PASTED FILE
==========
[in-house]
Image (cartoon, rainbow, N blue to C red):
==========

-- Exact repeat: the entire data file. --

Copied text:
[in-house]
Image (cartoon, rainbow, N blue to C red):